With our new system in place, we headed to the famous ORO ranch on the second morning. This incredible territory is the largest piece of private land in Arizona and home to some great bulls. As the sky turned from black to grey a bugle of multiple bulls warmed our spirits on this frosty morning. We were able to walk on a good road so David Sr. pushed his son on the wheelchair. Soon the elk and the road parted ways so we put our new system into action. With David riding more comfortably on Chad's back we moved as quickly as possible through the volcanic rock and junipers toward the always moving elk. We were gaining on them! They slowed a bit as they approached their bedding grounds giving us a chance to close the gap even further. Unfortunately, they chose a good place for a mid-day nap, plenty of cover and the wind in their favor. We tried multiple times to call one of these bulls back to us but we just could not lure them away from their herd.
After an uneventful evening at a water hole, we headed back to the house for some good home-cooked Mexican food and a much-needed night of sleep. As I lay in bed, my mind was racing with potential scenarios we might face. I was having a hard time even visualizing success since the elk were no longer making any mistakes. Luck has a role in every successful hunt but we needed more than just luck, we needed help! I am not talking about human help; we needed assistance that goes beyond explanation.
Revelry was at 3:30 a.m. on the third day. We all crawled out of bed and injected some coffee with a heightened degree of necessity. As we made our way through the gates of the K4 Ranch, Chad revealed the plan for our morning hunt. Mark and I were to climb a steep hill overlooking a large valley as he and the McShaw's would ease their way toward a likely travel route. We were hoping to find the good bull Chad had seen when he was scouting that he estimated would score about 340". Nothing was going quite right, and then Mark called me back to his position. With a smile on his face and with complete confidence, he said "I found the 340” bull". Mark has seen a fair number of big bulls for a 13-year-old, but that was a bold statement! As I peered into the spotting scope there stood a textbook example of a 340" bull. It was late morning by now and the bull bedded out of sight. He had about a dozen cows and three satellite bulls surrounding him in habitat that was more appropriate for antelope than elk, so we decided to hold off until the evening.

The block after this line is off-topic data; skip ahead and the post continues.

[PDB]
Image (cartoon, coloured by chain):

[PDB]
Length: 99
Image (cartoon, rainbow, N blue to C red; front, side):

Make it Happen
Mark and I headed into Prescott to have lunch with my wife Carla and daughter Courtney who had driven up from Phoenix for a quick visit and shopping excursion. As we recounted the events of the previous days I flogged myself for not handling our opening day encounter more effectively. Carla reminded me that everything happens for a reason and that we just needed to keep it fun and keep hunting. With a good pep talk and a refueling stop at Starbucks, we were fired up for the evening hunt.
Chad, David Sr., Mark, and I climbed back up the hill to verify that our morning bull had not vacated the territory. He was still there with all his friends feeding in the wide-open terrain. We decided that Mark should stay on the hill and serve as our "eye in the sky" while the rest of us attempted a stalk. We had no grand plan about how to make this stalk work but we decided to get as close as we could and see what might happen.
When we got down on the same level as the elk we realized that was a little more texture in the terrain than we thought, allowing us to move quickly. Within 20 minutes we were about 400-yards from the elk, but we were completely out of cover and if we moved closer would surely be seen by one of the many sets of eyes. We were running out of options so we tried to call the bull to us even though we knew the odds were against him leaving his harem. We got David all set with the rifle rest pointed in a likely direction. To our disappointment, we could not even get the bull to look in our direction, but the cows were all ears! This was not the kind of attention we were hoping for.
Hoping the elk might reverse their morning route we tore everything down, repacked, and moved about 300-yards to a good sniping position. We felt that our effective shooting range was about 100-yards so we needed to be very precise as to where we set up. Once in place Chad peeked around the hill, turned back to us, and said "We gotta move again, they are heading toward our last set up". With reckless abandon we moved our team back.
The Moment of a Lifetime
As David Sr. strapped the rifle into the rest Chad whispered "Guys, we need to hurry…the bull is right there". As all four adults tried to hide behind the wheelchair the lead cow materialized less than 60-yards away. Looking in our direction she high stepped anxiously to the right. As she did, the swaying antler tips of the big bull got longer and longer as he closed the gap between us. We could only hope that he would follow the lead of the cow, as she now stood perfectly broadside with her body completely exposed.
The bull eased his way toward the cow silhouetted by the setting sun, stopping to amp up our adrenaline rush with a challenging scream. With the lower half of his torso concealed by a grassy mound, we could only hold our breath and try not to move. Time stood still and so did the bull. Finally as if on queue the bull took three steps forward and as Chad cow called, the bull stopped right on his mark. With a few minor rest adjustments and some encouragement, David pulled the trigger. The bull staggered at the shot and covered about 50-yards before piling up in a cloud of dust.
I will never be able to accurately describe the emotions that followed, the scene was a collage of tears, laughter, screams, high fives, hugs, and thanks. As I recall other similar events in my life, I realized that they have all been characterized by two things- the feeling that there was a hand greater than my own at work, and the knowledge that I was changed in the process. Had we taken a bull the first morning, we would not have been able to experience the teamwork, anticipation, and even fatigue that made this experience such a powerful one for all of us. HOAL is aptly named: this was a hunt of all our lifetimes, I am sure.
Originally published in Vol 5, Issue 2, 2007